Office of the Superintendent of Financial Institutions
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Appropriate Minister: Joe Oliver
Institutional Head: Jeremy Rudin
Ministerial Portfolio: Finance
Enabling Instrument(s): Office of the Superintendent of Financial Institutions Act (OSFI Act)
Year of Incorporation / Commencement: 1987
OSFI was established in 1987 by an Act of Parliament: the Office of the Superintendent of Financial Institutions Act (OSFI Act). OSFI supervises and regulates all banks in Canada and all federally incorporated or registered trust and loan companies, insurance companies, cooperative credit associations, fraternal benefit societies and private pension plans. Under the OSFI Act, the Superintendent is solely responsible for exercising OSFI’s authorities and is required to report to the Minister of Finance from time to time on the administration of the financial institutions legislation.
OSFI’s mandate is to:
From its mandate, OSFI has identified two strategic outcomes:
1. A safe and sound Canadian financial system
2. A financially sound and sustainable Canadian public retirement income system
OSFI’s legislation acknowledges the need to allow institutions to compete effectively and take reasonable risks. It also recognizes that management, boards of directors and plan administrators are ultimately responsible and that financial institutions and pension plans can fail.
OSFI works with a number of key partners on the Financial Institutions Supervisory Committee (FISC), which the Superintendent chairs, including the Department of Finance, the Bank of Canada, Canada Deposit Insurance Corporation and the Financial Consumer Agency of Canada. Together, these organizations constitute Canada’s network of financial regulation and supervision, and provide a system of depositor and policyholder protection.
The Office of the Chief Actuary (OCA), which is an independent unit within OSFI, provides actuarial valuation and advisory services to the Government of Canada in the form of reports tabled in Parliament. While the Chief Actuary reports to the Superintendent, he is solely responsible for the content and actuarial opinions in reports prepared by the OCA. He is also solely responsible for the actuarial advice provided by the OCA to the relevant government departments, including the executive arm of provincial and territorial governments, which are co-stewards of the Canada Pension Plan (CPP).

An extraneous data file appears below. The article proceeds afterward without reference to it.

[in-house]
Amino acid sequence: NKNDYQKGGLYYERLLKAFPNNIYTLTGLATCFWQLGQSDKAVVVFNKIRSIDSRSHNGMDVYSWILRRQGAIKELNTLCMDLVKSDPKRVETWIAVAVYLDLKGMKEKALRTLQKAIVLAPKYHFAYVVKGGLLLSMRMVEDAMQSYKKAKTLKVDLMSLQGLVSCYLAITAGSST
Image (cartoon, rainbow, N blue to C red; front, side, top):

In 2014-15, the following steps were undertaken and successfully contributed to fostering a safe and sound Canadian financial system through the provision of guidance and strong oversight in targeted areas and by drawing from results of international financial sector reviews.
In 2014-15, the following steps were undertaken and successfully contributed to fostering a safe and sound Canadian financial system through OSFI’s continuing work towards enhancing its processes for supervisory activities.
In 2014-15, the following steps were undertaken and successfully contributed to fostering a safe and sound Canadian financial system as well as a financially sound and sustainable Canadian public retirement income system through the provision of guidance and by drawing from and contributing to international financial sector forums.
In 2014-15, the following steps were undertaken and successfully contributed to fostering a safe and sound Canadian financial system as well as a financially sound and sustainable Canadian public retirement income system by helping to ensure that OSFI has the capacity and expertise it needs to deliver on business objectives.
In 2014-15, the following steps were undertaken and successfully contributed to fostering a safe and sound Canadian financial system as well as a financially sound and sustainable Canadian public retirement income system by helping to ensure that OSFI has the information, tools and systems it needs to deliver on business objectives.
The environment within which OSFI operates is constantly evolving and becoming more complex. Uncertain economic and financial conditions create challenges for financial institutions and pension plan sponsors. OSFI's ability to achieve its mandate and objectives is impacted by the range of risks that exist in such circumstances.
While this section focuses on external risks, OSFI has also dedicated significant efforts to managing internal risks related to its human resources, systems and processes. This is noteworthy given the important role that OSFI staff and supporting operations play in responding to changes in the business environment.